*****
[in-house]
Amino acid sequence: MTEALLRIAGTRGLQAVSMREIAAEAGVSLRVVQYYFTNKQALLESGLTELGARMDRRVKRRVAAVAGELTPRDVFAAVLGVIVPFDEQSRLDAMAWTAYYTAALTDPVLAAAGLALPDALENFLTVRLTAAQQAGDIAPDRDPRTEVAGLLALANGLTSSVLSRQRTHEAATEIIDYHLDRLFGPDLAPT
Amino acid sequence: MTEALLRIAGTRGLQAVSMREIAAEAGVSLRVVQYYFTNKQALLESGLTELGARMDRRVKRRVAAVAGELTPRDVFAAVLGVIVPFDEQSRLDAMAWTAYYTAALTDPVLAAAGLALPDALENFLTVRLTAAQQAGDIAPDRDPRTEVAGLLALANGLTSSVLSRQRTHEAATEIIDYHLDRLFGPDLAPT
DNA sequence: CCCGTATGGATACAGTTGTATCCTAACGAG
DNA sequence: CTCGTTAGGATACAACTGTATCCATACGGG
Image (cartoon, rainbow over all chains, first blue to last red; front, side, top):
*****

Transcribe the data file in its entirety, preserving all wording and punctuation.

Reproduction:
[in-house]
Amino acid sequence: MTEALLRIAGTRGLQAVSMREIAAEAGVSLRVVQYYFTNKQALLESGLTELGARMDRRVKRRVAAVAGELTPRDVFAAVLGVIVPFDEQSRLDAMAWTAYYTAALTDPVLAAAGLALPDALENFLTVRLTAAQQAGDIAPDRDPRTEVAGLLALANGLTSSVLSRQRTHEAATEIIDYHLDRLFGPDLAPT
Amino acid sequence: MTEALLRIAGTRGLQAVSMREIAAEAGVSLRVVQYYFTNKQALLESGLTELGARMDRRVKRRVAAVAGELTPRDVFAAVLGVIVPFDEQSRLDAMAWTAYYTAALTDPVLAAAGLALPDALENFLTVRLTAAQQAGDIAPDRDPRTEVAGLLALANGLTSSVLSRQRTHEAATEIIDYHLDRLFGPDLAPT
DNA sequence: CCCGTATGGATACAGTTGTATCCTAACGAG
DNA sequence: CTCGTTAGGATACAACTGTATCCATACGGG
Image (cartoon, rainbow over all chains, first blue to last red; front, side, top):